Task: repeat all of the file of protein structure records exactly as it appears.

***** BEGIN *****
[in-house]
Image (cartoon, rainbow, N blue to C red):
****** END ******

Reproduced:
[in-house]
Image (cartoon, rainbow, N blue to C red):